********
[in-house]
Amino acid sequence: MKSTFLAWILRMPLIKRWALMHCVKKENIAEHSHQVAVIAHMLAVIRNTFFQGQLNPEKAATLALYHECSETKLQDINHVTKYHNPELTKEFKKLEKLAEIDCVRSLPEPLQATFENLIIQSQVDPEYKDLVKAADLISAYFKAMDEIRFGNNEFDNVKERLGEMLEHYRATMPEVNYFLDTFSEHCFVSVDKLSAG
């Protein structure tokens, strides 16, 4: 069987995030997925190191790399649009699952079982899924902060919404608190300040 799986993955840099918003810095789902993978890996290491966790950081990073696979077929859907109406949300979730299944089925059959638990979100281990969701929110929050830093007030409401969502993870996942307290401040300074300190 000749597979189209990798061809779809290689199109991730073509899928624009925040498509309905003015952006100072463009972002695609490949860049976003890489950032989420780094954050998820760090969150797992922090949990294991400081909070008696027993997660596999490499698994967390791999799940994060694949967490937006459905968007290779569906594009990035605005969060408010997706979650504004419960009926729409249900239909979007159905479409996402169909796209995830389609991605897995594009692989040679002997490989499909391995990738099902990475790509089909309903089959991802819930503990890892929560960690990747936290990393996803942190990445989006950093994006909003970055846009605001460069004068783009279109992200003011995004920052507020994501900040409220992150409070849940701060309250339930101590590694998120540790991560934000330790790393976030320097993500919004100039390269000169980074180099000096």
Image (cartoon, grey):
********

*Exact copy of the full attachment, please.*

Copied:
[in-house]
Amino acid sequence: MKSTFLAWILRMPLIKRWALMHCVKKENIAEHSHQVAVIAHMLAVIRNTFFQGQLNPEKAATLALYHECSETKLQDINHVTKYHNPELTKEFKKLEKLAEIDCVRSLPEPLQATFENLIIQSQVDPEYKDLVKAADLISAYFKAMDEIRFGNNEFDNVKERLGEMLEHYRATMPEVNYFLDTFSEHCFVSVDKLSAG
């Protein structure tokens, strides 16, 4: 069987995030997925190191790399649009699952079982899924902060919404608190300040 799986993955840099918003810095789902993978890996290491966790950081990073696979077929859907109406949300979730299944089925059959638990979100281990969701929110929050830093007030409401969502993870996942307290401040300074300190 000749597979189209990798061809779809290689199109991730073509899928624009925040498509309905003015952006100072463009972002695609490949860049976003890489950032989420780094954050998820760090969150797992922090949990294991400081909070008696027993997660596999490499698994967390791999799940994060694949967490937006459905968007290779569906594009990035605005969060408010997706979650504004419960009926729409249900239909979007159905479409996402169909796209995830389609991605897995594009692989040679002997490989499909391995990738099902990475790509089909309903089959991802819930503990890892929560960690990747936290990393996803942190990445989006950093994006909003970055846009605001460069004068783009279109992200003011995004920052507020994501900040409220992150409070849940701060309250339930101590590694998120540790991560934000330790790393976030320097993500919004100039390269000169980074180099000096």
Image (cartoon, grey):